From: Scott Chase (firstname.lastname@example.org)
Date: Mon 02 May 2005 - 00:09:41 GMT
--- Chris Taylor <email@example.com> wrote:
> Variety, in the sense of standing heterozygosity, is
> in large populations. The evolutionary consequence
> of that is that the
> old persists way longer. Inertia. And I think I'd
> rather refer to my
> other mail than repeat the complement of that w.r.t.
> invasion of the
> novel (the 'no curry houses without curry lovers'
> chicken/egg argument).
> And of course the UK has had lots of input, from
> loads of places; the
> difference is that we tend to maintain less standing
> variety, which
> means whole-population shifts are easier.
The reggae influence on Brit music comes to mind. Much of what I recall "The Police" doing had some serious reggae flavours. And didn't Eric Clapton cover Bob Marley's "I Shot the Sheriff"?
India may have influenced both UK and Jamaican
cuisine, but Jamaica has influence the music of the UK
and other parts of the world.
BTW, after watching that nifty documentary called
"Bend it Like Beckham" it seems that Indians have a little hiphop thingy going on of their own. Who is this Beckham bloke anyway. Does he play quarterback or linebacker?
> > "Mogul", "pundit", "bungalow" readily come to
> mind. :-)
> To extend that point, there is no 'British' version
> of pyjamas (also
> Indian) or bungalow or jungle etc. QED.
> I would still assert that the current variety in the
> US is
> long-standing, as opposed to being the result of
> continual ingresses;
> mostly having come in at a time when the population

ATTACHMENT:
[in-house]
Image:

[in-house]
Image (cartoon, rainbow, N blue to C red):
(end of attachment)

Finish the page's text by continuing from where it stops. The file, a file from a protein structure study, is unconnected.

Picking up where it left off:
> was much smaller and
> less interconnected.
We have some variation. That's sorta what the whole East Coast vs. West Coast rap thang was all about
(well it had something to do with Tupac vs. Biggie too).
> > We have hiphop,
> > jazz, salsa, etc. There are Spanish only radio
> Only hip hop is even remotely new (and swept the
> world cf. my incredibly
> bloated other mail). And the hispanic thing seems
> more to be a shifting
> of the northern limit of central america into the US
> by mass movement
Yet "Hispanic" or "Latin American" doesn't equal
"Central American". There are other "Ibero-American" nationalities represented in the US besides Mexicans, Panamanians, Guatemalans etc. There's Brazilians
(included in Iberoamerican designation, but not technically in Hispanic or Latino categories), Argentines and Chileans etc...
Sure Mexican (or TexMex?) food seems to be the most
popular Hispanic food in the US overall but every once
in a while I get a hankering for a Cuban sandwich
(yummy) and some fried plantains. Haven't tried the Argentine yerba mate yet (cf. previous thread about that one...)
In the times I've watched Latin music videos, there
seems to be some variation where Mexican music often
seems like US-ian country music where other varieties
have the salsa, meringue, tango, and samba thingies
going on. In Miami Latin (specifically Cuban) sounds
have hybridized with hip hop (see DJ Lazaro Mendez who
thanks San Lazaro in his "DJ Laz" liner notes BTW).
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